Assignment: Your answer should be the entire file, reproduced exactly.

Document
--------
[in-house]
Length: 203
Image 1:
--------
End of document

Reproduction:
[in-house]
Length: 203
Image 1: